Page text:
Glossary

Caesarean section (C – section)

Where the baby is surgically removed from the mother’s womb by cutting through the abdomen.

Cell division

A process by which a cell, called the parent cell, divides into two cells, called daughter cells.

Cerebral cyst

A thin-walled abnormal sac or cavity in the brain, containing fluid.

Cerebral hydrocephalus

A condition in which fluid accumulates in the brain.

Cerebral palsy

A condition where parts of the brain are damaged, usually through lack of oxygen, often during the process of birth or when a premature baby cannot breathe properly, which affects the person’s control over muscle movements. It is not progressive (i.e. it doesn’t get worse as time goes by) and it does not necessarily affect a person’s cognitive development or intelligence.

Chorionicity

Refers to the connection between the fetus and the placenta in twin pregnancies. Monochorionic twins share a placenta. Dichorionic twins each have their own placenta and gestational sac.

Cleavage stage embryo

An embryo that has developed for 2 - 3 days after fertilisation.

Cochrane review

A review by the Cochrane Collaboration, an international not-for-profit organisation providing up-to-date information about the effects of health care. It regularly reviews the available evidence on health care interventions in order to facilitate evidence-based medicine.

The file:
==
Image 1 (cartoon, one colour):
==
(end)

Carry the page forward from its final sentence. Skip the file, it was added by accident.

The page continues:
Cochrane Collaboration website

Code of Practice

A Code issued by the Human Fertilisation and Embryology (HFEA) containing guidance and rules for fertility and research centres. The Code can be found on the HFEA website.
Human Fertilisation and Embryology website

Cohort (observational) study

Study of a group of people with shared characteristics, normally after a health care intervention you wish to evaluate.

Congenital malformations

Any malformation which is noticed at birth, whether it is the result of a genetic (inherited) or environmental cause.

Cryopreservation

Preserving substances at very low temperatures in vapour-phase or liquid nitrogen at 196 degrees centigrade. E.g.: frozen sperm, embryos, eggs, testicular tissue and ovarian tissue.

Culturing in vitro

Developing outside the body (i.e. in a Petri dish in the laboratory). Literal translation is ‘within the glass’.

Cumulative or fresh/frozen pregnancy rates

Pregnancy rates that are added up after all the eggs collected during the initial stimulated cycle have been used up, including those that were initially frozen.